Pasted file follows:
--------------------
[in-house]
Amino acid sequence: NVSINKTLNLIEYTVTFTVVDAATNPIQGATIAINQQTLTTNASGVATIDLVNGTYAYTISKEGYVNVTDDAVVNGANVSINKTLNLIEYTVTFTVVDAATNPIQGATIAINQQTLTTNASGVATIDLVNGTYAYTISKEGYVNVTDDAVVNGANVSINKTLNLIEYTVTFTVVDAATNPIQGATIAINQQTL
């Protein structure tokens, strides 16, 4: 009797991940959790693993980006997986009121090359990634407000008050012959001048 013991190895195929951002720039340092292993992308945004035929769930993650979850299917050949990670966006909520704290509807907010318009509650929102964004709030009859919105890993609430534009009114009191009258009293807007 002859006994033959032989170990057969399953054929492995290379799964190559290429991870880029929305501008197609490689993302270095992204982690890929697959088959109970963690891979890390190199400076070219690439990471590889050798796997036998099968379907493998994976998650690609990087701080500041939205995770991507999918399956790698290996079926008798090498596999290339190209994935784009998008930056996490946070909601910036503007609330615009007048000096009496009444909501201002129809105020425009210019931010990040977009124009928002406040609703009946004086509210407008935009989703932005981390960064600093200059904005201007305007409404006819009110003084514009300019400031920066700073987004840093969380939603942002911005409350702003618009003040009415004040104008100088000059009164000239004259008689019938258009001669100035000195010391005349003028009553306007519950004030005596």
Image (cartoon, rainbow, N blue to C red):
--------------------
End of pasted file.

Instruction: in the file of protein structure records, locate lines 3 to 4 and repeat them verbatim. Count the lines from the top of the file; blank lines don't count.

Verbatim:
């Protein structure tokens, strides 16, 4: 009797991940959790693993980006997986009121090359990634407000008050012959001048 013991190895195929951002720039340092292993992308945004035929769930993650979850299917050949990670966006909520704290509807907010318009509650929102964004709030009859919105890993609430534009009114009191009258009293807007 002859006994033959032989170990057969399953054929492995290379799964190559290429991870880029929305501008197609490689993302270095992204982690890929697959088959109970963690891979890390190199400076070219690439990471590889050798796997036998099968379907493998994976998650690609990087701080500041939205995770991507999918399956790698290996079926008798090498596999290339190209994935784009998008930056996490946070909601910036503007609330615009007048000096009496009444909501201002129809105020425009210019931010990040977009124009928002406040609703009946004086509210407008935009989703932005981390960064600093200059904005201007305007409404006819009110003084514009300019400031920066700073987004840093969380939603942002911005409350702003618009003040009415004040104008100088000059009164000239004259008689019938258009001669100035000195010391005349003028009553306007519950004030005596």
Image (cartoon, rainbow, N blue to C red):